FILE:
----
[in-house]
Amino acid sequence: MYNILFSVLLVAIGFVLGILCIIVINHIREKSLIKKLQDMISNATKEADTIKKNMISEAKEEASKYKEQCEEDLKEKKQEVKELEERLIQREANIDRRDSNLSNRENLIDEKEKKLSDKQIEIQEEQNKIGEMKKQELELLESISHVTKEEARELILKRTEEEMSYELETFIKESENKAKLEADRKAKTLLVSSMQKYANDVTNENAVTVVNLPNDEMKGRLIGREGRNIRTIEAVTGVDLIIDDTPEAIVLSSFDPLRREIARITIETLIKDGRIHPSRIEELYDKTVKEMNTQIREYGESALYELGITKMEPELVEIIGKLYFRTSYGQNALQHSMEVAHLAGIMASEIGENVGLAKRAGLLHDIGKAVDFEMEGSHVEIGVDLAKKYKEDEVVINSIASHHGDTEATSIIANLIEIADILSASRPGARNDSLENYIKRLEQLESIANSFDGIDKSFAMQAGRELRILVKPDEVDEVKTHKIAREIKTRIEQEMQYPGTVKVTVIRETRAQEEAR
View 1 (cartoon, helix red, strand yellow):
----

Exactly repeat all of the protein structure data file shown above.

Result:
[in-house]
Amino acid sequence: MYNILFSVLLVAIGFVLGILCIIVINHIREKSLIKKLQDMISNATKEADTIKKNMISEAKEEASKYKEQCEEDLKEKKQEVKELEERLIQREANIDRRDSNLSNRENLIDEKEKKLSDKQIEIQEEQNKIGEMKKQELELLESISHVTKEEARELILKRTEEEMSYELETFIKESENKAKLEADRKAKTLLVSSMQKYANDVTNENAVTVVNLPNDEMKGRLIGREGRNIRTIEAVTGVDLIIDDTPEAIVLSSFDPLRREIARITIETLIKDGRIHPSRIEELYDKTVKEMNTQIREYGESALYELGITKMEPELVEIIGKLYFRTSYGQNALQHSMEVAHLAGIMASEIGENVGLAKRAGLLHDIGKAVDFEMEGSHVEIGVDLAKKYKEDEVVINSIASHHGDTEATSIIANLIEIADILSASRPGARNDSLENYIKRLEQLESIANSFDGIDKSFAMQAGRELRILVKPDEVDEVKTHKIAREIKTRIEQEMQYPGTVKVTVIRETRAQEEAR
View 1 (cartoon, helix red, strand yellow):